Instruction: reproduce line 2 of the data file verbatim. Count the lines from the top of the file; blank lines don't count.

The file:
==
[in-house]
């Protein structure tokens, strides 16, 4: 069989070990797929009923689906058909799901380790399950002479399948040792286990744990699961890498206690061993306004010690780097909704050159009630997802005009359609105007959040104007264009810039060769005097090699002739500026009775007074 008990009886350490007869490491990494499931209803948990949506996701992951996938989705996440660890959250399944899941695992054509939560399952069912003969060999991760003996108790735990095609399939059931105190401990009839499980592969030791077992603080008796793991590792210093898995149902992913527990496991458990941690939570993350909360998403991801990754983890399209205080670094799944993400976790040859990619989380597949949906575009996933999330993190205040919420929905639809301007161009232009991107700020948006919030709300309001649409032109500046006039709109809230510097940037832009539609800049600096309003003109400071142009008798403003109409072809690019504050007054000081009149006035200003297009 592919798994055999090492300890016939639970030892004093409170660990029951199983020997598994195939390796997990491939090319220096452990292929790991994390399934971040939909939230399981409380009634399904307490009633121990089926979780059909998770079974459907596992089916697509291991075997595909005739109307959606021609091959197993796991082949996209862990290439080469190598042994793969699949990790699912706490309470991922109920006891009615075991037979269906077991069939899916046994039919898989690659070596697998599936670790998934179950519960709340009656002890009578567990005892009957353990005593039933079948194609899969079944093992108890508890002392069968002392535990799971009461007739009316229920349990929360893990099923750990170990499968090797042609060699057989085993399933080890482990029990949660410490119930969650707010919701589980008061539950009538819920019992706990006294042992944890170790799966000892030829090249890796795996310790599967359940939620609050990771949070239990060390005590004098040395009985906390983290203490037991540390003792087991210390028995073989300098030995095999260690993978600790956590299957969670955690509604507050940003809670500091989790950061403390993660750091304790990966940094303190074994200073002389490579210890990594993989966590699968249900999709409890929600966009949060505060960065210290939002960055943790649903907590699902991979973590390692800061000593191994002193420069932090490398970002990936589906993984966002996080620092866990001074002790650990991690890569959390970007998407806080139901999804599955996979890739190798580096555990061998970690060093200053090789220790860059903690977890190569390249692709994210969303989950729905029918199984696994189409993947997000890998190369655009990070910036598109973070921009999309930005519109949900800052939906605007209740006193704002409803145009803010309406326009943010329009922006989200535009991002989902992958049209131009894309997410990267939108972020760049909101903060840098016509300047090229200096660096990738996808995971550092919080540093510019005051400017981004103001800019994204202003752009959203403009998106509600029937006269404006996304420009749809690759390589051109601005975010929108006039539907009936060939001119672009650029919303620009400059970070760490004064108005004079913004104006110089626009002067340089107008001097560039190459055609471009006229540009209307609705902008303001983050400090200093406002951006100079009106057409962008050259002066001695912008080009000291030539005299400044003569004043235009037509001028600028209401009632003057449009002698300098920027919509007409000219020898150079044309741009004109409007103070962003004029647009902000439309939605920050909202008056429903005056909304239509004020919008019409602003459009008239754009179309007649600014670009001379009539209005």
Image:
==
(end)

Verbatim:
């Protein structure tokens, strides 16, 4: 069989070990797929009923689906058909799901380790399950002479399948040792286990744990699961890498206690061993306004010690780097909704050159009630997802005009359609105007959040104007264009810039060769005097090699002739500026009775007074 008990009886350490007869490491990494499931209803948990949506996701992951996938989705996440660890959250399944899941695992054509939560399952069912003969060999991760003996108790735990095609399939059931105190401990009839499980592969030791077992603080008796793991590792210093898995149902992913527990496991458990941690939570993350909360998403991801990754983890399209205080670094799944993400976790040859990619989380597949949906575009996933999330993190205040919420929905639809301007161009232009991107700020948006919030709300309001649409032109500046006039709109809230510097940037832009539609800049600096309003003109400071142009008798403003109409072809690019504050007054000081009149006035200003297009 592919798994055999090492300890016939639970030892004093409170660990029951199983020997598994195939390796997990491939090319220096452990292929790991994390399934971040939909939230399981409380009634399904307490009633121990089926979780059909998770079974459907596992089916697509291991075997595909005739109307959606021609091959197993796991082949996209862990290439080469190598042994793969699949990790699912706490309470991922109920006891009615075991037979269906077991069939899916046994039919898989690659070596697998599936670790998934179950519960709340009656002890009578567990005892009957353990005593039933079948194609899969079944093992108890508890002392069968002392535990799971009461007739009316229920349990929360893990099923750990170990499968090797042609060699057989085993399933080890482990029990949660410490119930969650707010919701589980008061539950009538819920019992706990006294042992944890170790799966000892030829090249890796795996310790599967359940939620609050990771949070239990060390005590004098040395009985906390983290203490037991540390003792087991210390028995073989300098030995095999260690993978600790956590299957969670955690509604507050940003809670500091989790950061403390993660750091304790990966940094303190074994200073002389490579210890990594993989966590699968249900999709409890929600966009949060505060960065210290939002960055943790649903907590699902991979973590390692800061000593191994002193420069932090490398970002990936589906993984966002996080620092866990001074002790650990991690890569959390970007998407806080139901999804599955996979890739190798580096555990061998970690060093200053090789220790860059903690977890190569390249692709994210969303989950729905029918199984696994189409993947997000890998190369655009990070910036598109973070921009999309930005519109949900800052939906605007209740006193704002409803145009803010309406326009943010329009922006989200535009991002989902992958049209131009894309997410990267939108972020760049909101903060840098016509300047090229200096660096990738996808995971550092919080540093510019005051400017981004103001800019994204202003752009959203403009998106509600029937006269404006996304420009749809690759390589051109601005975010929108006039539907009936060939001119672009650029919303620009400059970070760490004064108005004079913004104006110089626009002067340089107008001097560039190459055609471009006229540009209307609705902008303001983050400090200093406002951006100079009106057409962008050259002066001695912008080009000291030539005299400044003569004043235009037509001028600028209401009632003057449009002698300098920027919509007409000219020898150079044309741009004109409007103070962003004029647009902000439309939605920050909202008056429903005056909304239509004020919008019409602003459009008239754009179309007649600014670009001379009539209005």